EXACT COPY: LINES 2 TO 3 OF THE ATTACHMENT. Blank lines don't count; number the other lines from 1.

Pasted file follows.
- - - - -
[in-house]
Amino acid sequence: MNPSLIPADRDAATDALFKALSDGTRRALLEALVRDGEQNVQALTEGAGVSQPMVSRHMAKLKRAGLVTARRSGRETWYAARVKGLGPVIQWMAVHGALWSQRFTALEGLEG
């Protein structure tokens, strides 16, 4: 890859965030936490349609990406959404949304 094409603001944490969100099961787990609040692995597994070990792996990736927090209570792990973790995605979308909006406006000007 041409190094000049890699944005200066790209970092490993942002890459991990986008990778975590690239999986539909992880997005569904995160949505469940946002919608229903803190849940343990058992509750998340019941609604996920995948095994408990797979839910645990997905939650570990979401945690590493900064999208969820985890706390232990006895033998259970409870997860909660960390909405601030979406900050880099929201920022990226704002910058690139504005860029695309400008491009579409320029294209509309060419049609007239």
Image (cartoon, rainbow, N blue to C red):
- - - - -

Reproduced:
Amino acid sequence: MNPSLIPADRDAATDALFKALSDGTRRALLEALVRDGEQNVQALTEGAGVSQPMVSRHMAKLKRAGLVTARRSGRETWYAARVKGLGPVIQWMAVHGALWSQRFTALEGLEG
């Protein structure tokens, strides 16, 4: 890859965030936490349609990406959404949304 094409603001944490969100099961787990609040692995597994070990792996990736927090209570792990973790995605979308909006406006000007 041409190094000049890699944005200066790209970092490993942002890459991990986008990778975590690239999986539909992880997005569904995160949505469940946002919608229903803190849940343990058992509750998340019941609604996920995948095994408990797979839910645990997905939650570990979401945690590493900064999208969820985890706390232990006895033998259970409870997860909660960390909405601030979406900050880099929201920022990226704002910058690139504005860029695309400008491009579409320029294209509309060419049609007239």